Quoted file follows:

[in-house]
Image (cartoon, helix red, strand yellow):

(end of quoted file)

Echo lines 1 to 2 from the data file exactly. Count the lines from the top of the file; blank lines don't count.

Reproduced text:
[in-house]
Image (cartoon, helix red, strand yellow):